Note: Due to COVID-19, Mayslake Peabody Estate is closed until further notice. The grounds and surrounding forest preserve are open. Please visit dupageforest.org/coronavirus for the latest updates.
Mayslake Peabody Estate at Mayslake Forest Preserve in Oak Brook is a thriving community space for people to connect to nature and one another through art, culture and history. Visitors can experience the grandeur of Mayslake Hall at one of several art, history and cultural programs offered throughout the year.
In 1919 Francis Stuyvesant Peabody commissioned renowned Chicago architect Benjamin Marshall to design the Tudor Revival-style mansion known today as Mayslake Hall. The style reaches back to England’s Tudor period as a revival of the timber-frame buildings popular at that time.
After his death in 1922 Peabody’s family sold the 840-acre estate to the Franciscan Province of the Sacred Heart, order of Friars Minor, in 1926. The hall became a retreat house, and the order sold sections of the estate over time. The last 89 acres including Mayslake Hall and the Portiuncula Chapel was sold to the Forest Preserve District in 1993.
Today, the Forest Preserve District is working to restore Mayslake Hall, now listed on the National Register of Historic Places. The hall currently serves as a venue for architectural tours, lectures, nature related art classes and performances throughout the year.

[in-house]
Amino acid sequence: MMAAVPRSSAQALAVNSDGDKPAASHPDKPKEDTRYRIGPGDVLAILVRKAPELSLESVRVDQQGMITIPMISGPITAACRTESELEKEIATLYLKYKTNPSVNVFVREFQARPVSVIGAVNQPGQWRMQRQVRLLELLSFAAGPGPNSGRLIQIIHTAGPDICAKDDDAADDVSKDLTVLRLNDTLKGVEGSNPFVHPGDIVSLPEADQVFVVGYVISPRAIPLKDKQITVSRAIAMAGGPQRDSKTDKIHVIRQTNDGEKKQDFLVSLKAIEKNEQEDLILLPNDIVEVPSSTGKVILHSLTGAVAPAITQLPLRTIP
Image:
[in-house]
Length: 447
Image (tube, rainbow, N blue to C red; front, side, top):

Sections of the hall are available to host an event.
The Portiuncula Chapel is a replica of the original in Assisi, Italy, which is named for the “little portion” of land where St. Francis of Assisi received his call to serve the poor. The front features a colorful stone mosaic.
After Peabody’s death, his family commissioned the Franciscans to build the chapel as a memorial to the late industrialist in 1926. The order moved the chapel to its current location in 1973.
The chapel is available to host an event, including weddings, baptisms, memorial services and other special ceremonies.
Commercial and portrait photography in DuPage forest preserves requires a valid still portrait photography permit in the photographer's possession. Please see the photography page or call Visitor Services at 630-871-6421 for more information.